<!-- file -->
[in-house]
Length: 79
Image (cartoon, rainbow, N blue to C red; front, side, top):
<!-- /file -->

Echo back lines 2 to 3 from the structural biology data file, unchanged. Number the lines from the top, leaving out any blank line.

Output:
Length: 79
Image (cartoon, rainbow, N blue to C red; front, side, top):